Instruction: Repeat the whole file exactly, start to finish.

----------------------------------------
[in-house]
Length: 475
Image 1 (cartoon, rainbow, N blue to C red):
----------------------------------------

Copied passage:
[in-house]
Length: 475
Image 1 (cartoon, rainbow, N blue to C red):